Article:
Winter Classic: Why Having Two Outdoor Games Is Not The Same.

Bernardo Montes de OcaContributor IAugust 4, 2010

CALGARY, AB, CANADA - AUGUST 4:  NHL Commissioner Gary Bettman attends the NHL Heritage Classic Press Conference at McMahon Stadium on August 4, 2010 in Calgary, Alberta, Canada.  (Photo by Dylan Lynch/Getty Images)
Dylan Lynch/Getty Images

It seems odd to criticize a greatly received hockey game. After all, both the Winter and Heritage Classic matchups garnered great audiences, with the Winter Classic rivaling Stanley Cup Playoff matches for viewers.

But that's exactly why I believe there shouldn't be two outdoor games this season, or any season for that matter.

My first ever experience with outdoor hockey was watching the Cold War between MSU and University of Michigan, back when Ryan Miller was a college player and not a silver medalist Olympian.

I loved the game and always wanted to watch another event with the passion and energy only college rivalries can bring.

Why did I love it? Because it was a unique experience, it was something different. Same thing happened when I watched the first Heritage Classic. It was great seeing Gretzky and Messier play in the cold, then Jose Theodore play with a Canadiens toque.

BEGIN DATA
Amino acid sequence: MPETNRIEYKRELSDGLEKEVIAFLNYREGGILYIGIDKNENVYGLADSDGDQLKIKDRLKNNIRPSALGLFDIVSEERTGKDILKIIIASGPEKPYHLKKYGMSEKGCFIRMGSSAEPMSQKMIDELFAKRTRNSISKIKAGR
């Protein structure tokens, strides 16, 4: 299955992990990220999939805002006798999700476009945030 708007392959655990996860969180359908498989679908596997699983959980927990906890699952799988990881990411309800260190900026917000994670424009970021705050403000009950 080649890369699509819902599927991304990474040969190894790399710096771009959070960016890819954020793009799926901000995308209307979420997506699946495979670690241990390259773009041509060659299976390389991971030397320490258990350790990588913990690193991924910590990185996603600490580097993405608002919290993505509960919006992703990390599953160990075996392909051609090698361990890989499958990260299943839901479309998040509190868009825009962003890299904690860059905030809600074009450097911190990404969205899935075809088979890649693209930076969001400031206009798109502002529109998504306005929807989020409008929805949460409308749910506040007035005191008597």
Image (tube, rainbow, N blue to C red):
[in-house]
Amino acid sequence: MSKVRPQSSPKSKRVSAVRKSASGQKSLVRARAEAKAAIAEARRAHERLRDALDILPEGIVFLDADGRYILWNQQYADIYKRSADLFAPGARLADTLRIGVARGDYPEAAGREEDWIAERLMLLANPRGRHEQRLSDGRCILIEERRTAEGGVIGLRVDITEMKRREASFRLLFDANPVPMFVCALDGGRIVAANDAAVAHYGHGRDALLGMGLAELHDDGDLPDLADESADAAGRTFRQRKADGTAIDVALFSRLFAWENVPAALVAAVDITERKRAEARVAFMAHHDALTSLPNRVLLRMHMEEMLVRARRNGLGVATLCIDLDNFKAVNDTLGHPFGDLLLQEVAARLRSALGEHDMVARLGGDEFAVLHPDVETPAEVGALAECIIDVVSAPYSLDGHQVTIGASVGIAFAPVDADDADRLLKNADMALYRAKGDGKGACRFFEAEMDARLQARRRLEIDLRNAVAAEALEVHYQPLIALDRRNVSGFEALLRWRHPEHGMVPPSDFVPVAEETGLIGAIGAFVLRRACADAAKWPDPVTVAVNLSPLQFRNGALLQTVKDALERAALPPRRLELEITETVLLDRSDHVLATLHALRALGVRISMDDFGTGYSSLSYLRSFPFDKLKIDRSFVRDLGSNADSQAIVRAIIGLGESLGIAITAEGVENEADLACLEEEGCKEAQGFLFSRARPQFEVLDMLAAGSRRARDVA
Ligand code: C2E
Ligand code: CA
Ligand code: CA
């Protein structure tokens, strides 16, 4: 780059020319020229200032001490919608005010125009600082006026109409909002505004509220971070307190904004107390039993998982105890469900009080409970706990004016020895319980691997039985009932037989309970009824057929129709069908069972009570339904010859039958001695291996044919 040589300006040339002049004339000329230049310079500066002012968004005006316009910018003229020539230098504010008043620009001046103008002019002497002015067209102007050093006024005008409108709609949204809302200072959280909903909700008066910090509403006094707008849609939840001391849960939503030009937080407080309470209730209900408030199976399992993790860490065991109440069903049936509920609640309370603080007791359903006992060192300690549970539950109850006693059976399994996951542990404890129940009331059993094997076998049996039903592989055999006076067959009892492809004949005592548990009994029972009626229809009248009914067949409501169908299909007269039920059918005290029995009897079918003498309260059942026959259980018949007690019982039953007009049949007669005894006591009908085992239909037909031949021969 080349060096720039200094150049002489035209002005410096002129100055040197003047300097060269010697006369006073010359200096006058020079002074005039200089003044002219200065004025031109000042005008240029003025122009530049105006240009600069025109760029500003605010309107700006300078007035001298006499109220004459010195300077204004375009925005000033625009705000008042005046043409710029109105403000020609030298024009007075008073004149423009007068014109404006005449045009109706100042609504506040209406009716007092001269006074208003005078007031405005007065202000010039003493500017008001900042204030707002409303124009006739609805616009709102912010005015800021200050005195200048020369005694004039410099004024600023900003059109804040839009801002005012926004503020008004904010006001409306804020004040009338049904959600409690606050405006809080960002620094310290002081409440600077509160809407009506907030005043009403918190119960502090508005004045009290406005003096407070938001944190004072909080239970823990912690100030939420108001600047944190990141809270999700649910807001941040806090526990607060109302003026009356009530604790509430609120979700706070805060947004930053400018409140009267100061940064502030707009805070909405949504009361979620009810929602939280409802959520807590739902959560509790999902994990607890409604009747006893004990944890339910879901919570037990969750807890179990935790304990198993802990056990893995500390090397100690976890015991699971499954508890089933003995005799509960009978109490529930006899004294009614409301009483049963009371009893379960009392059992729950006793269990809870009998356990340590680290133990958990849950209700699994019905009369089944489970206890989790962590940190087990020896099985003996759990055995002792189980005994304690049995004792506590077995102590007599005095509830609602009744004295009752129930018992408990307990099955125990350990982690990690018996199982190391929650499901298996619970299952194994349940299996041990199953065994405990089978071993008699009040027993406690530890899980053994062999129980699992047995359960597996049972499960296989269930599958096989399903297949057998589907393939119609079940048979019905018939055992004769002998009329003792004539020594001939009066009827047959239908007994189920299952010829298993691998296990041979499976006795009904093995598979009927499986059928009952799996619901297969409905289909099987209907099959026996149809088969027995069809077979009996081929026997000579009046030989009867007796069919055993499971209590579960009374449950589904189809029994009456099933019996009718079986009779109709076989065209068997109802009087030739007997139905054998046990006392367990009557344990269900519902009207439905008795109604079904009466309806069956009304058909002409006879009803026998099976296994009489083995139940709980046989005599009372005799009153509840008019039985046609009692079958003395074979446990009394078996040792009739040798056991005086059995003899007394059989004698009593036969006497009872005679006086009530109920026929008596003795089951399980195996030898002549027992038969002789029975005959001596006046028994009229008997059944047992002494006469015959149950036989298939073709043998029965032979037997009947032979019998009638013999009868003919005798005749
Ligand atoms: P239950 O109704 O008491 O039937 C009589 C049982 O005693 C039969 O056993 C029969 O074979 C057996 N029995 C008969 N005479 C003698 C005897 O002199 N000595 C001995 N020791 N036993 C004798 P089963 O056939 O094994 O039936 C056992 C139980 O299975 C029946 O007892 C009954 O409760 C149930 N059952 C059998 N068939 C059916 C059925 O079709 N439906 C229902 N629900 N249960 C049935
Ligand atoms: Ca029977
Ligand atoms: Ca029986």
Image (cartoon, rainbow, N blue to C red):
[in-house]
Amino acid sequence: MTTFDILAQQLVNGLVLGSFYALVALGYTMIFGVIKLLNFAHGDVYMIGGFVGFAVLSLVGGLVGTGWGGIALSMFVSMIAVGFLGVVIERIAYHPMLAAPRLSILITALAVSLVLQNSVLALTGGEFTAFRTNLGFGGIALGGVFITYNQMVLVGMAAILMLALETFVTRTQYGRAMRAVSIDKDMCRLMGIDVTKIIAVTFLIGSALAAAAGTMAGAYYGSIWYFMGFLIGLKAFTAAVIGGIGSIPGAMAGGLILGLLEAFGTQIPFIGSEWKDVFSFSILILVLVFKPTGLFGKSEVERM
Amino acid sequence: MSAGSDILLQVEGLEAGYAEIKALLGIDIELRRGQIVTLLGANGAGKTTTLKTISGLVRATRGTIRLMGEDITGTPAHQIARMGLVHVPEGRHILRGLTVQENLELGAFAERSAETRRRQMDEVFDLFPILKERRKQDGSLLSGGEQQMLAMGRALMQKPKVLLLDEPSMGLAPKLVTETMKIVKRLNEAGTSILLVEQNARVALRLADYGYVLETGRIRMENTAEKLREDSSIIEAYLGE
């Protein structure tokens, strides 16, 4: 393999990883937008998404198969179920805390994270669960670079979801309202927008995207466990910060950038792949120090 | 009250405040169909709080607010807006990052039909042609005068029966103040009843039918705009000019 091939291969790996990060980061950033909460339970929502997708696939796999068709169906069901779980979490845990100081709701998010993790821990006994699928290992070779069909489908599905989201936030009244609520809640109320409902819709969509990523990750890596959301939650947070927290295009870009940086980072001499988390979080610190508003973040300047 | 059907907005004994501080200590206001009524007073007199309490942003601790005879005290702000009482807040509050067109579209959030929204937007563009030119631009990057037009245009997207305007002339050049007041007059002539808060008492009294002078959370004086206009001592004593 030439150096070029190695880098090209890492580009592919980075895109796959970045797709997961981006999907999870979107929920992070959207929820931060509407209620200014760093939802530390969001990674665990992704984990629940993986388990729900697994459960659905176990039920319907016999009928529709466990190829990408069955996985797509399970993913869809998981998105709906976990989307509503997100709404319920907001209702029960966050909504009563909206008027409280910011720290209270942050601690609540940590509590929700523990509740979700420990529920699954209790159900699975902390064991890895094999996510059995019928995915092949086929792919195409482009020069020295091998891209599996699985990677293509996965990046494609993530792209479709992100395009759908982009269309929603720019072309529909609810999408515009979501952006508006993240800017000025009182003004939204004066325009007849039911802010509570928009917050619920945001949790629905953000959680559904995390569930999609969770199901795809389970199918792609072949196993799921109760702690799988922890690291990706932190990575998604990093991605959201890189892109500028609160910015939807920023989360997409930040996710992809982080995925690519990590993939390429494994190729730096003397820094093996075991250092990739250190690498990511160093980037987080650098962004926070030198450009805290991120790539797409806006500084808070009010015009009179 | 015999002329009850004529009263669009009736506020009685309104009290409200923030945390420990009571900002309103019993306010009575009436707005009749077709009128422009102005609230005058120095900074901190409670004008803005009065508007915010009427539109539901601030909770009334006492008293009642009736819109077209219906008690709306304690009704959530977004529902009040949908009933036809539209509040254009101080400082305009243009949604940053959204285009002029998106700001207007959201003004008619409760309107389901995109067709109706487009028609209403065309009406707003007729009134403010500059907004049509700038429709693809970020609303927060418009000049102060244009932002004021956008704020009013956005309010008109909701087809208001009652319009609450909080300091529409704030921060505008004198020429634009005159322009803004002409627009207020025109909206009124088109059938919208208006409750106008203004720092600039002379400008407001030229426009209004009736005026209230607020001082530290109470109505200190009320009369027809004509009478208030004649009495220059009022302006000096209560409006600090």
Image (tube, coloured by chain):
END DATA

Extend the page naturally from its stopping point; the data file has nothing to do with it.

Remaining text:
But now, there are two games.

That's right, two. It's no longer THE game.

We'll have a rivalry, which I believe is a bit overrated, between the two best hockey players right now on one of the hockey games and an interesting matchup in the other one but with much less bang than the first of the two matches.

So I say, instead of trying to follow the "Let's duplicate what works" phylosophy, why not bring the Winter Classic to Canada by having at least one of the teams from the cradle of hockey?

I much rather have a matchup involving great history (Now that I have freshened up on rivalries) like Boston - Montreal, Ottawa - Toronto, Montreal - Toronto, Calgary - Edmonton, or even the Heritage matchup itself.

I guess I'm a traditionalist but I'm not really interested in Ovechkin and Crosby, leave that for the playoffs (They'll meet constantly,that's for sure). Let the light shine on a bit of history.

Not even the date sounds right. There's a sense of uniqueness to January 1st but February the 20th is just another day, unless you factor in the fact that the great Phil Esposito was born that day.

Well, let's hope the attention shifts to greater matchups between tradition in the future and combine both games to great one hell of a Winter Classic in the frozen reaches on Canadian soil and not just the other outdoor game.

Cheers, and happy birthday in advance, Phil.